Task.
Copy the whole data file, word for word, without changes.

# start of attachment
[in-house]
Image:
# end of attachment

[in-house]
Image: